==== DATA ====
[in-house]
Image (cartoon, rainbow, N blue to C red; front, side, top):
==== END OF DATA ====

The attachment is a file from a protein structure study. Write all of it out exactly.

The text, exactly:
[in-house]
Image (cartoon, rainbow, N blue to C red; front, side, top):